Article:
In patients with intermediate- to high-risk smoldering multiple myeloma, treatment with single-agent lenalidomide, vs observation, led to a 72% reduction in the risk of disease progression at 3 years.1 Results of the phase III E3A06 study were presented at a press briefing in advance of the 2019 ASCO Annual Meeting by Sagar Lonial, MD, FACP, of Emory University, Atlanta.
“We showed, in the largest randomized study to date in smoldering myeloma, that we can prevent the development of symptomatic myeloma in a significant fraction of patients,” Dr. Lonial said. More than 90% of the intervention group remained progression-free at 3 years, he reported.
We don’t know that a true treatment strategy makes a difference, but we’ve shown that intervention can make a difference.— Sagar Lonial, MD, FACP
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Although patients with smoldering multiple myeloma—an early, asymptomatic entity lacking the presence of CRAB criteria (elevated calcium, renal failure, anemia, bone lesions)—are typically monitored and not treated, some researchers have questioned whether early intervention could improve outcomes and even cure the disease before its full impact is felt.
“There’s no question that patients with multiple myeloma need immediate treatment to reverse evidence of organ damage, but a challenge we’ve struggled with is trying to identify patients without organ damage who are at highest risk of disease progression, and trying to intervene,” Dr. Lonial said.
Patients classified as having smoldering disease generally have a risk of disease progression of about 10% per year. After 5 years, approximately half of these patients will have symptomatic disease, he said.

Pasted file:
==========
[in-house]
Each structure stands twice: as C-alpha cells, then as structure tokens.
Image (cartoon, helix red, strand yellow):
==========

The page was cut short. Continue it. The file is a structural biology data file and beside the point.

Previous Findings by Spanish Myeloma Group
The study builds upon earlier work by The Spanish Myeloma Group, who reported in the smaller 2015 PETHEMA trial that lenalidomide/dexamethasone improved progression-free and overall survival, vs observation, in patients at high risk of disease -progression.2
That study, however, was criticized in ways that were avoided by the current study design: patients were not screened with advanced imaging techniques; investigators applied an outdated definition of high risk; and the regimen included dexamethasone, making it impossible to isolate the effect of lenalidomide, he said.
“The fact that the study did not use modern imaging [to screen for eligibility] is important, because patients with negative x-rays may have bone disease by magnetic resonance imaging (MRI) or positron-emission tomography (PET) scan,” Dr. Lonial noted. “In our study, we required MRI before study entry to be sure we were not enrolling patients who already had myeloma, which was the main criticism of the Spanish trial.”